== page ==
For some reason fair trade has always been the ugly step-sister of the glamorous organic movement. My Man and I have noticed that people are a lot more likely to care about the environment than human rights. It seems so backwards, but I think it’s precisely because we are humans ourselves. We can maintain an emotional distance from clear-cuts and pesticides, but millions of people, even children, across the globe working in slave-like conditions in order to provide us our high standard of living? It’s uncomfortable.
The purpose of fair trade is pretty self-explanatory: a fair wage to farmers and honest economic support of their communities. We all know dark things go on behind closed doors, but it’s important to note that the luxury items in our world– coffee, tea and chocolate in particular– come from countries with especially heavy doors.
Perhaps the most egregious human rights violations occur in the chocolate industry. It’s not even just like slavery, there are ongoing cases of actual child slavery, particularly along the Ivory Coast. Perhaps again because this hits so close to our hearts, it has really not made news much at all. Many otherwise informed people have never heard of chocolate slavery. While coffee is the commonly thought of fair-trade item, chocolate is my number one.
Prepared chocolate products are practically impossible to find fair trade, apart from those $4 chocolate bars that no one can afford, so I generally make my own chocolatey goodness when the craving hits. You can usually make your own treats with ethical ingredients for about the same price as buying the decent quality pre-prepared version. (The caveat is the looming pile of dishes left at the end of a day of DIY food for a family of four. Yikes.)
If you can’t find fair trade cocoa powder or chocolate chips locally, here’s a decent price on bulk mail-order from Sweet Earth Chocolates. Their cocoa powder is $11/lb and the dark choc chips are $9/lb. Of course, the shipping is what gets you. See if you can’t go in on a big order with friends.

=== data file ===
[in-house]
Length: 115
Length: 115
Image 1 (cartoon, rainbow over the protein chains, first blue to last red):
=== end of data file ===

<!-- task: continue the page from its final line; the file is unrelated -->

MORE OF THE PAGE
As part of my food month, I recently looked into buying fair trade coffee direct from the farmer online. My Man and I traveled in Central America several years ago and I was remembering a man in Guatemala who was trying to set up a website for selling the local farmers’ coffee. I guess I had some hopes I would find him. Of course, I didn’t. But I did find Coffee CSA, a 100% farmer owned cooperative which sends you 2 or 5 lbs monthly in a subscription. You can choose your farmer (literally, they have photographs and geographical locations); sign up for a “coffee tour” and get a different single origin coffee each month; or choose a roast type. I signed up for a monthly delivery of 2 lbs of French roast. Including shipping it works out to almost $16/lb. Ouch. I had been paying $13/lb for Whole Foods’ fair trade, which already seemed steep. But coffee shouldn’t be so cheap in the first place– I have to keep reminding myself of that. Even at $32/month, plus about as much more for the organic half-and-half, that’s still only $2/day! That’s 50 cents per cup! And, pivotally important for coffee snobs like me, their roaster does a good job– it’s a delicious cup.
If you are a tea drinker, Arbor Tea is a nice family run company I’ve ordered from before with decent prices for loose leaf. For general sourcing, Fair Trade USA just launched a Finder App on Faceb**k, to help locate local stores which carry fair trade products.
Lastly, I have a very wordy post brewing on how and even whether to afford such noble pursuits as fair trade, organic, sustainable, ethically produced, etc, etc. [post script: here's the link to that post, Priorities, Compromise and the Privilege of Doing Good] Meanwhile– understand that I ain’t no saint, and have bought many, many a carton of industry chocolate ice cream, as well as gleeful coffees out on the town. It’s a minefield these days. We do what we can.